“Sugar feeds cancer,” she wore a kind of frank-looking expression, a sum-it-all-up in a few words kind of expression. I’d not heard her words of wisdom until after I’d already been treated for cancer, but they struck me to the quick. Sugar, I thought! Not my good friend sugar! Yes, in every form sugar feeds cancer. It could be refined white sugar so prevalent in processed foods, raw cane sugar, agave, honey, even fruit and fruit juice. Sugar is actually bad for most things: cancer, heart disease, hypertension, diabetes, depression, obesity, lethargy, blah, blah, blah. So, plain and simple, it is a wise thing to reduce our overall sugar consumption.
We tend to make getting rid of sugar in our diets very complicated. We use substitute sugar replacements or some type of natural sugar like honey or agave. Stevia is the new sugar substitute that has some positive health claims. However, using these “better options” does nothing for reducing our appetite for sweet foods, and sometimes can even make it worse. Sugar substitutes tend to rev-up a taste for sweetness.
The recommended daily amount of sugar for adults is about twenty grams or nine teaspoons which is not very much. Just one sugary drink can put us over this limit. Replacing what we eat on a daily basis with foods very low in sugar can reduce our overall dependence on sugar. Choose to eat more vegetables than fruits. Skip white rice, bread, and pasta (our bodies process sugar from these foods) and eat greens and beans and a smaller portion of whole grain foods. Use unsweetened almond or soy milk in smoothies instead of fruit juices or milk and yogurt (these contain milk sugars). Instead of using sugar and sugar substitutes, use fabulously sweet fruits like dates, bananas and mangoes to sweeten smoothies and desserts, and healthy fruit juices like carrot juice for soups. It is still sugar but our bodies are so much better at processing natural sugars and it reduces our desire for bakery foods and other sweet confections that are best saved for special occasions. Withdraw symptoms from sugar are miserable: headaches, stomach huger feelings, digestive discomforts, dizziness, a weak and shaky feeling and/or just an overwhelming malaise. It’s the body’s way of saying, “This is hurting me.”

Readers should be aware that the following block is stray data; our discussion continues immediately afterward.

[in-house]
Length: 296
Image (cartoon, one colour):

The same sick feelings and even the same diseases we attribute to too much sugar occur with too much stress. Stress is the flight or fight feeling we get when we are under pressure and at its foundation is fear: fear of failing, fear of losing a job, fear of getting mugged, fear of losing our friends, fear of divorce, fear of consequences, fear of dying, fear of blah, blah, blah. We fret and worry over things we have done and said, over disappointments in life, and outcomes of our reckless actions. We mess up time and again–even over the same stupid stuff, or we watch the people we love suffer from our own bad choices. We get to the point where we just can’t function as well as we used to under this constant stress and guilt. God tells us to “fear not” and “cast all our anxieties on Him” but can we?
Those feelings of fear and worry, of guilt and self-reckoning though are not brought on by our own wisdom. When we actually see how far we fall from perfect, it is a gift of discernment from God. It is the kindness of God that leads us to where we can see that we have messed up. We know something is wrong. It occurs at the beginning of repentance and trust. It is the proud and guiltless person who is lost, not the one who sees his error and is sickened with fear, worry and anxiety. Those humble folks who know they will never measure up are the ones that belong to Him. God is calling us: It is a simple as that. God has made us this way, plain and simple but we make ourselves very complicated. Forgiveness is not something we earn; it is a gift and it starts with that sick, I’ve-really-messed-up-this-time feeling. It is like the little boy who falls and suddenly sees he’s made of flesh and blood because it is pouring out of a wound, that jumps up and goes running to his father for comfort.
“Healthy people don’t need a doctor, but sick people do. I didn’t come to invite good people to be my followers. I came to invite sinners.” — Jesus, Mark 2:17